Space is a mysterious place, and many people around the world are working to unravel it layer by layer. Still, there are quite a few puzzling events out there that cannot be explained. Scientists now think there may be invisible walls in space. However, these walls are not the same as the walls of the room. Instead, they are more like obstacles. Scientists believe the walls may be created by a “fifth force” mediated by a hypothetical new particle called a symmetron. The presence of this force helps to understand an interesting part of space that has long frustrated astronomers.
Currently, we use the Lambda cold dark matter model as the standard model to understand our universe. The model states that small galaxies should be spread out in chaotic orbits around larger galaxies. In fact, many small galaxies orbiting larger galaxies are arranged in thin planes (disks) that look similar to Saturn’s rings. This arrangement looks as if there are invisible walls in space that cause them to line up regardless of the Lambda model.
In other words, these small “satellite” galaxies are captured by the gravity of larger galaxies and line up in thin planes, whereas the model suggests they should be spread out in chaotic orbits around their host galaxies. These small galaxies have been seen in synchronous orbits in our own Milky Way, the Milky Way, and neighboring galaxies. Scientists have proposed several explanations for this “satellite disk problem.”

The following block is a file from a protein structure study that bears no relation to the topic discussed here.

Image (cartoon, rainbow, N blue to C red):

However, new research by researchers at the University of Nottingham offers a new explanation. It is available through the preprint server arXiv. They call it “the first potential ‘new physics’ explanation. This suggests that symtrons can create invisible walls in space.
Still, this study is just a proof of concept. To prove the existence of invisible walls in space, scientists must first prove the existence of symmetries. That will require the services of NASA’s James Webb Space Telescope, which should be ready for scientific observations this summer.